The rising star of Clement Virgo’s delicate drama speaks to Simran Hans about Black diaspora storytelling, being a protective sibling and channelling the strength of his ancestors.
Aaron Pierre is not a small guy. Standing 6’3” with broad, hulking shoulders and exuding charisma, the 29-year-old actor can’t help but take up space. Which is why he was glad that, in spite of his ‘large frame’, Canadian filmmaker Clement Virgo cast him as a high-school student in Brother. ‘There are a lot of young Black men who are 6’3” and above, and haven’t even reached 18,’ Pierre says on a video call from his home in south London. ‘And yet,’ he adds, adjusting his glasses, ‘they are treated as grown men. In fact, they are adolescents, still working out how to navigate their own physicality, let alone what is going on in the big wide world.’
This is the tension at the heart of Virgo’s soulful coming-of-age film, which is set in Scarborough, one of Toronto’s most ethnically diverse boroughs, in the 1990s. An adaptation of David Chariandy’s 2017 novel, it centres on the relationship between two brothers of Jamaican descent, Francis (Pierre) and Michael (Lamar Johnson). With their first-generation mother Ruth (Marsha Stephanie Blake) working nights, Francis is responsible for his younger brother’s welfare. As well as shouldering their mother’s expectations, the siblings must also deal with how they’re perceived outside their community. Teachers and police officers apply pressure, and sometimes force. In the film, Francis dreams of being an MC. But navigating life with a deep voice and a large frame at that age, he says, can be crushing.
Pierre recently turned heads in M. Night Shyamalan’s wry body horror Old (2021) and Barry Jenkins’ blistering serial adaptation of Colson Whitehead’s The Underground Railroad (2021). Jenkins cast Pierre after seeing him in a 2018 production of Othello at London’s Globe Theatre. Born and raised in south London, at 17 Pierre moved to Toronto to study classical theatre. ‘It was always a dream of my parents’ to move there, just to experience it,’ he says. ‘I come from very humble beginnings.’ They stayed there for a year, living in Scarborough and Oakville, before returning to London. He remembers falling in love with the similarities between Toronto and south London. ‘The beautiful culture, the diversity, the music, the dialect, the slang,’ he says. ‘Here, at the end of the sentence, we say, “You get me?” When I first went to Toronto, I learned they say, “You know?” at the end of the sentence.’ It made the city feel like home to him.
Pierre’s parents had him ‘very early on in their life’ together. His mother was 19 when he was born. His father, now an actor and drama teacher, was a year older and still studying. ‘He has stories of bringing me in to meet his classmates when I was first born,’ Pierre says with a smile. He has two siblings and, like his character in Brother, Pierre is the eldest, and ‘super protective of them’. Growing up, he felt a responsibility ‘to set the best example I could’ and to be a high achiever. ‘Nobody put that duty on me,’ he clarifies. He summoned the weight of that duty as the swaggering Francis, whose quiet confidence and admirable social ease, even when it becomes a memory, end up casting a shadow over his younger brother’s life. Pierre buries Francis’ own fragility somewhere deeper.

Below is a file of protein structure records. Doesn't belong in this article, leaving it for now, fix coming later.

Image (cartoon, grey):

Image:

Shortly before the pandemic hit, Pierre took a meeting with Virgo in Los Angeles. Virgo’s name had appeared on his radar as a pioneering independent Black filmmaker who shared his perspective on ‘how to handle certain topics that are very sensitive and close to the bone’. Pierre remembers reciting a monologue about why he felt Brother needed to be made right now. ‘It’s a very specific story within the Black diaspora,’ he explains. The film is about second-generation Caribbean immigrants in Toronto, whose parents tried to give their children opportunities they might not have had elsewhere. The book’s author Chariandy, who is Trinidadian, gave Virgo his blessing to make the family in the film Jamaican, like his own.
Pierre’s heritage is Caribbean-West African via Jamaica, Curaçao and Sierra Leone, and the legacy of his Caribbean elders still looms large. ‘I looked up to people in the community who were leaders,’ he says, citing older relatives including his grandparents, as rich sources of inspiration. His maternal grandfather was born in Jamaica and enlisted in World War II, before moving to the UK at a time when ‘it was very hard to be someone who was not born here’. ‘They have a strength, an elegance, an emotional intelligence – a way of navigating the world,’ he continues. ‘They have had life experiences I will never have.’
Next year, Pierre will channel those qualities as the voice of Mufasa in Jenkins’ prequel Mufasa: The Lion King. He hopes to keep building a body of work that shows what it’s like to move through the world – real or imagined – while Black. Pierre has recently wrapped on a TV series in which he plays civil-rights activist Malcolm X, and will soon join the Marvel Cinematic Universe in the forthcoming remake of the cult vampire movie Blade. ‘Something that’s important to me is to tell stories that accurately represent and speak on the experiences of people who have the same complexion as me.’
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